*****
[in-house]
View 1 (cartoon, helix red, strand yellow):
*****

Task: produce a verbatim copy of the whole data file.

[in-house]
View 1 (cartoon, helix red, strand yellow):